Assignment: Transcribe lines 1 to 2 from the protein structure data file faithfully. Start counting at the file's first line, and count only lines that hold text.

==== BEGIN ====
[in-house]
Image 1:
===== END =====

[in-house]
Image 1: